Cybersecurity is essential for numerous reasons, including the rise in cybercrime, the value of everyone’s data, the financial costs associated with cybercrime, and the threat that cyberattacks pose to real-world security. Today, Saudi Arabia, a nation that is investing much in expanding its capabilities and is quickly emerging as a world leader in space, prioritizes cybersecurity. The Kingdom was ranked 13th overall out of 175 nations on the International Telecommunication Union’s 2018 global cybersecurity ranking, making it the top-ranked Arab nation.
The Saudi National Cybersecurity Authority (NCA), which founded and will host the Global Cybersecurity Forum (GCF), will hold its event in Riyadh on Nov. 9 and 10, 2022, according to Gulf Business. Rethinking the Global Cyber Order is the theme of the two-day conference, and it will focus on the fast-changing macroeconomic and geopolitical factors.
Following its 2020 debut and the virtual dialogue in 2021, this year’s in-person event will bring together important decision-makers and executives from around the world, including high-level government officials, c-suite executives, international organizations, expert communities, NGOs, and academia. To achieve its goal of assisting in the creation of a more secure and resilient cyberspace, the event will examine a number of sub-themes that span a wide spectrum according to Zawya.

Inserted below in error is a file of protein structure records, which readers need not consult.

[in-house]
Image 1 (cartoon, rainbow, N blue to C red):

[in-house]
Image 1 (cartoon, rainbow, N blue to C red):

Geo-cyber evolution, the first sub-theme, aims to map out and understand the changing global cyberspace order. Sessions will look at topics that portray the potential for stable and peaceful cyberspace, geo-technical competitiveness, and conflict. Under the second sub-theme, disruption frontier, present and potential cybersecurity threats will be discussed, and potential strategies will be investigated by utilizing emerging technology. Cyber economics, the third sub-theme, explores how market forces, incentives, and economic governance are used to influence cyberspace. The economic factors that affect online behavior will be examined in these sessions, along with the proactive, cooperative steps that the public and private sectors may take to drive cybersecurity innovation and a psychological examination of cybercriminals.
Cyber security has grown in the Middle East and nations like the United Arab Emirates (UAE) which published its national cybersecurity policy in 2019 aim to build a secure and reliable cyberinfrastructure for future generations.